2021 Town of Lincoln Budget
The Town of Lincoln provides more than 90 programs and services that impact your life every day, including road repair, recreation programs, public libraries, by-law enforcement, fire services and parks.
That is why the Town budget is so important.
The budget is a financial plan that determines how we will fund and provide services to our residents and guides decisions on what infrastructure will be built and repaired.
Lincoln is one of the fastest growing municipalities in Niagara. As we grow, we are limited by the amount of resources available. The budget helps prioritize the projects and services that will help build a better Town and quality of life for our residents. Providing exceptional services while balancing affordability for our residents and businesses drives all decision-making.
- Bridge Rehabilitation and Culvert Improvement Projects
- Road Reconstruction Projects incl. Aberdeen Road Slope Stabilization & Lincoln Avenue design
- Road Rehabilitation Program incl. a $1.9 million investment in road improvements
Environment & Safety:
Shoreline Protection Study
Wastewater construction and design projects
Investments in Fire Safety Equipment
Cemetery Maintenance & Restoration Projects
New Park Development Planning Projects
Playground Enhancements & Improvements
Addressing Built Environment Accessibility Deficiencies
Corporate Systems & IT Equipment
Improved Community and Gateway Signage
Vehicle/Equipment Additions & Improvements
BDSS Secondary Plan
Enhancing Community Engagement through Online Engagement Platform
Health Equity, Inclusion & Sustainability Framework & Policy Development
Updating Community Improvement Plans
Urban Design Vision & Streetscape Master Plan for Ontario Street
Active Transportation & Traffic Calming
Distribution of Water Quality Management System
Digital Customer Service Delivery
- Enhancement of public & open spaces
- Cannabis Licensing & Enforcement
- Asset Management Plan
- Business Continuity & Fiscal Sustainability
- Niagara West Emergency Management Program
- Climate Change Adaptation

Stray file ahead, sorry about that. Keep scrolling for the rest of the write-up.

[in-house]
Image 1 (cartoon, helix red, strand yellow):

- The capital budget of $27.7 million represents an investment in new & improved infrastructure.
- The operating budget of $23.6 million covers the daily costs of running Town services.
Council has approved overall increase of 1.9% on the Town’s portion of the tax rate:
- 0% capital,
- 0.9% operating &
- 1% money in the bank,
- at a blended rate of 1.75%
How the Budget Works
Each year, Town staff put forward a preliminary budget. Mayor and Council—with input from residents and businesses—approve a final budget that addresses council priorities, operations, services, infrastructure and asset management. It includes the Operating Budget and Capital Budget.
The operating budget covers day-to-day spending on services such as salaries, grass cutting, recreation programs and fire services. Property taxes cover a large portion of the operating budget, while the rest is funded through provincial grants and subsidies, as well as user fees.
The capital budget funds construction and repair of the Town’s infrastructure. A portion of the capital budget is funded from property taxes, while the rest is funded from reserves, development charges and other levels of government.
Water and Wastewater Rates:
This budget is allocated to pay for the provision of:
- Clean drinking water
- Wastewater collection and removal
- The infrastructure and maintenance of the Town’s water and wastewater systems
On average, 50% of each utility bill paid to the Town of Lincoln also covers Niagara Region’s water and wastewater costs. The Town acts as a retailer in the distribution of water to the resident, while the Region acts as a wholesaler to the municipality. These programs are funded through user fees. The revenue collected from these fees pays for the services and the infrastructure to deliver them.
Balancing the Budget
Provincial law requires the Town to balance its budget each year, which means the money coming in equals the money going out. To balance the budget, the Town can increase its revenues through property taxes or user fees, or through changing or reducing the cost of services. Municipalities also have the opportunity to borrow money at competitive rates.
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